Greater implantation spike depth was observed around the spike of the auxiliary device at 56 days than at 28 days. Previously, it was unclear whether the spikes entered the bone or the bone formed around the spikes.6,7 Newly formed bone and bone deformation were observed around the spike at 56 days. Animal studies24,25 have suggested that newly formed bone along the lateral surface of titanium implants and on implants placed in bone may contribute to improved stability. Here, it was assumed that the newly formed bone around the spike of the auxiliary device was firmly fixed to enhance stability from 28 to 56 days. It has also been reported8 that increasing the embedded spike depth may help reduce stress on the miniscrew. However, as mentioned above, the effects of the auxiliary device and days did not interact significantly to affect miniscrew stability. Hence, the improved implantation spike depth at 56 days did not seem to contribute to improving miniscrew stability.
The auxiliary device is intended for use in adolescent patients; hence, in principle, it may have been appropriate to have used experimental animals that were immature. On the other hand, if immature rabbits were used, it would have been difficult to distinguish whether the stability and histological changes were due to the interventions or due to growth of the rabbit. For this reason, mature rabbits were used in this study. The experimental results should be applied with caution to clinical situations. In clinical practice, it is assumed that this auxiliary device is implanted on the gingiva. To improve reproducibility, the skin was incised to harmonize the miniscrew implanting angle and the direction of the auxiliary device. Further experiments without incisions are needed to confirm the safety and usefulness of these devices by evaluating histological responses and soft and hard tissue changes in animal jawbones, such as those of beagles and pigs. In this study, the elastics were dry because of their exposure on the skin. Thus, their force degradation was considered acceptable.26 However, if a constant 5 N load is applied, the results may vary slightly. Additionally, owing to the rapid turnover rate in rabbits and long-term use of miniscrews in orthopedic treatment, experiments must be performed over different study durations.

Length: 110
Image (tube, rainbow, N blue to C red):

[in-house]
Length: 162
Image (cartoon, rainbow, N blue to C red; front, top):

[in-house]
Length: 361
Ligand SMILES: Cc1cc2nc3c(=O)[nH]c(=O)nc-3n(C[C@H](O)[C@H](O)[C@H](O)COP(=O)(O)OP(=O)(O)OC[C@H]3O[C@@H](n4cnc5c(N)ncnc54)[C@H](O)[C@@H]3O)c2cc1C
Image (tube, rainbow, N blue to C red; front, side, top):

In rabbit tibias, the auxiliary device contributed to improving miniscrew stability under an immediate 5 N load.
Miniscrew use in conjunction with auxiliary devices is a stable and less-invasive form of skeletal anchorage and may be useful in orthopedic treatment.
None of the authors has any conflict of interest to report. All the authors have completed and submitted the ICMJE Form for Disclosure of Potential Conflicts of Interest. This work was supported by the Japan Society for the Promotion of Science KAKENHI (grants 17K11946, 19K10409, 19K24119, 20K10232, and 21K10190) and Kono Seisakusho Corp, Chiba, Japan. We would like to thank Dr Ichiro Semba, Former Department of Molecular Oral Pathology and Oncology, Kagoshima University, for insightful discussion.
Postgraduate Student, Field of Developmental Medicine, Health Research Course, Department of Orthodontics and Dentofacial Orthopedics, Graduate School of Medical and Dental Sciences, Kagoshima University, Kagoshima, Japan.
Assistant Professor, Field of Developmental Medicine, Health Research Course, Department of Orthodontics and Dentofacial Orthopedics, Graduate School of Medical and Dental Sciences, Kagoshima University, Kagoshima, Japan.
Private Practice, Dental Clinic Kagurazaka, Shinjuku-ku, Tokyo, Japan.
Lecturer, Field of Developmental Medicine, Health Research Course, Department of Orthodontics and Dentofacial Orthopedics, Graduate School of Medical and Dental Sciences, Kagoshima University, Kagoshima, Japan.
Professor, Field of Developmental Medicine, Health Research Course, Department of Orthodontics and Dentofacial Orthopedics, Graduate School of Medical and Dental Sciences, Kagoshima University, Kagoshima, Japan.
The first two authors contributed equally to this study.